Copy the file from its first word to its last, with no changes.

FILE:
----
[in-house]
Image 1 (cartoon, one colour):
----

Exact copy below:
[in-house]
Image 1 (cartoon, one colour):